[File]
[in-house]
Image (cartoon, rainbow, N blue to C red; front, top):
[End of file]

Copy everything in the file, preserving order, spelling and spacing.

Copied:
[in-house]
Image (cartoon, rainbow, N blue to C red; front, top):